Peanuts and peanut foods bring together the three most important decision factors for everyone to make better food choices – nutrition, cost, and most importantly taste. However, there are myths out there that can bring on skepticism and lead people to think that they should sacrifice their favorite peanut foods for other foods that they mistakenly think are more nutritious.
We’re here to provide clarification to some of the myths out there, including:
MYTH 1: Peanuts are a source of mold and therefore are bad for you.
Every load of peanuts is rigorously tested for safety, including aflatoxin, and those that don’t meet the standard set by USDA are not used for our favorite peanut foods. Moreover, farmers take great pains to ensure that peanuts are grown in the safest way possible.
According to the US Food and Drug Administration (FDA): To date, there has never been a human illness outbreak caused by aflatoxins in the US, where foods are carefully regulated and inspected to prevent such an occurrence.”
Dr. Andrew Craig with the American Peanut Council shares more about aflatoxin and the rigorous risk reduction in this post: http://nationalpeanutboard.org/news/mythbusters-peanuts-and-aflatoxin.htm
MYTH 2: There are GMO peanuts.
Spoiler Alert: There are no GMO peanuts on the market. In fact, the modern-day peanut is 99.9% identical to its ancestors.
It’s easy to be confused about what GMO really means. The U. S. Food and Drug Administration (FDA) gives this definition of GMO: “We use the term “genetic engineering (GE)” to refer to genetic modification practices that utilize modern biotechnology. In this process, scientists make targeted changes to a plant’s genetic makeup to give the plant a new desirable trait.” Some confusion comes into play when people mix up the meaning of genetic modification practices (producing GMOs) with traditional plant breeding practices (producing new plant varieties).
To understand the difference and how it applies to peanuts, we talked to an expert peanut research biologist from USDA Agricultural Research Service in Stillwater, Okla., Kelly Chamberlin, Ph.D. Chamberlin has worked nearly two decades as a researcher and breeder developing lines of peanuts adaptable to the Southwestern United States. In 2015, she, along with the ARS Legume Breeding Team, received a Certificate of Merit from USDA Undersecretary at the time Catherine Woteki for the development of a peanut variety that is beneficial to both peanut farmers and peanut fans alike.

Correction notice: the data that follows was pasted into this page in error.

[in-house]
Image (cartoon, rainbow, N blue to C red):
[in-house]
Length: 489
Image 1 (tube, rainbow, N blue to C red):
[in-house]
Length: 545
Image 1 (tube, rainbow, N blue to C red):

Read more about this research: http://nationalpeanutboard.org/wellness/mythbusters-gmo-peanuts.htm
MYTH 3: Other nut butters are a better choice because peanut butter contains additives.
Peanut butter comes in many different varieties to meet every taste and preference, including just peanuts, a little salt, other seasonings and flavors, chocolate, the kind you have to stir and no-stir. No matter which brand you choose, as long as it’s labeled “peanut butter,” it’s a nutritious option.
In the United States, there’s a standard of identity for peanut butter. According to FDA regulations, for peanut butter to be labeled as peanut butter, it has to contain at least 90 percent peanuts. The only other allowable ingredients are salt, sweeteners and hydrogenated vegetable oils. Fully hydrogenated oil does not contain trans fat and all major brands of peanut butter in the U.S. contain zero grams of trans fat per serving.
Read more about the nutritional differences between natural peanut butter vs. regular peanut butter: http://nationalpeanutboard.org/news/mythbusters-natural-peanut-butter-vs-regular-peanut-butter.htm
MYTH 4: Peanut oil in vaccinations causes peanut allergy.
Peanut oil is not an ingredient in any US licensed vaccine listed by the Centers for the Disease Control and Prevention (CDC). There is no research that supports a causative relationship between vaccinations and peanut allergies. In fact, Children’s Hospital of Philadelphia (CHOP) specifically states on their Vaccination Education Center website that peanut oil, as some people suggest, is not used as a part of vaccinations. The CDC provide excellent information on vaccines at their website, especially regarding their benefits, ingredients, and safety.
There’s a lot of confusion and speculation about what causes food allergies. A recent post on PeanutAllergyFacts.org tackled this issue, in fact, as part of an overall look at why there’s been a rise in food allergies. A recent report released by the National Academies of Science called Finding a Path to Safety in Food Allergy Assessment of the Global Burden, Causes, Prevention, Management, and Public Policy challenges what we think we know about food allergies. With regard to why food allergies develop, report authors say that the contributing factors are poorly understood. However, there are several hypotheses which you can read more about here: http://peanutallergyfacts.org/blog/what-causes-peanut-allergy.
 Food and Drug Administration, 2012. Bad Bug Book, Foodborne Pathogenic Micro-organisms and Natural Toxins. 2nd ed.